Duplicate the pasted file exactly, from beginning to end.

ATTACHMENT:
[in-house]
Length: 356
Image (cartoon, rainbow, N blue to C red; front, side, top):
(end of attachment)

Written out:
[in-house]
Length: 356
Image (cartoon, rainbow, N blue to C red; front, side, top):